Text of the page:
GLP-1-mediated gene therapy approaches for diabetes treatment

Mukerrem Hale Tasyurek, Hasan Ali Altunbas, Halit Canatan, Thomas S. Griffith, Salih Sanlioglu

Research output: Contribution to journalReview articlepeer-review

13 Scopus citations


Glucagon-like peptide (GLP)-1 is an incretin hormone with several antidiabetic functions including stimulation of glucose-dependent insulin secretion, increase in insulin gene expression and beta-cell survival. Despite the initial technical difficulties and profound inefficiency of direct gene transfer into the pancreas that seriously restricted in vivo gene transfer experiments with GLP-1, recent exploitation of various routes of gene delivery and alternative means of gene transfer has permitted the detailed assessment of the therapeutic efficacy of GLP-1 in animal models of type 2 diabetes (T2DM). As a result, many clinical benefits of GLP-1 peptide/analogues observed in clinical trials involving induction of glucose tolerance, reduction of hyperglycaemia, suppression of appetite and food intake linked to weight loss have been replicated in animal models using gene therapy. Furthermore, GLP-1-centered gene therapy not only improved insulin sensitivity, but also reduced abdominal and/or hepatic fat associated with obesity-induced T2DM with drastic alterations in adipokine profiles in treated subjects. Thus, a comprehensive assessment of recent GLP-1-mediated gene therapy approaches with detailed analysis of current hurdles and resolutions, is discussed.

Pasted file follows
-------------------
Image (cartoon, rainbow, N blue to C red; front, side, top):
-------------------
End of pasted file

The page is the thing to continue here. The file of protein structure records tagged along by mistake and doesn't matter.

Original languageEnglish (US)
JournalExpert reviews in molecular medicine
StatePublished - Mar 26 2014

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© 2014 Cambridge University Press.


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